AMD showed Zen is more compact than Intel's current 14nm x86 core. (Image: ISSCC)
In a separate paper, AMD said its upcoming Zen x86 core fits into a 10 percent smaller die area than Intel’s currently shipping second-generation 14nm processor. Analysts and even Intel engineers in the session said the Zen core is clearly competitive though many confidential variables will determine whether the die advantage translates into lower cost for AMD.
The paper detailed techniques AMD used to reduce switching capacitance by 15 percent compared to its existing chips. For example, Zen marked AMD’s first use of a metal-insulator-metal capacitor which helped lower operating voltages and provide greater per-core voltage and frequency control.
Engineers tracked on a weekly basis power benchmarks on high activity regions for more than a year to reduce switching capacitance. The company now has two eight-core designs running with simultaneous multithreading at 3.4 GHz.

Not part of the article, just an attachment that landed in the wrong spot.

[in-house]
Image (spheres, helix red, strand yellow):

For its part, Mediatek described a ten-core smartphone SoC made in a 10nm process.
The chip uses a new cluster of three ARM Cortex A-35 cores to handle ultra-low power jobs such as video and MP3 playback. Engineers designed a new kind of program counter it embedded in each core to ease the job of debugging the chip.
The effort showed solid design skills, said Kevin Krewell of market watcher Tirias Research. However he noted it will have to compete with rival Qualcomm’s Snapdragon 835 which sports a wider range of custom cores for graphics, imaging and other jobs.
— Rick Merritt, Silicon Valley Bureau Chief, EE Times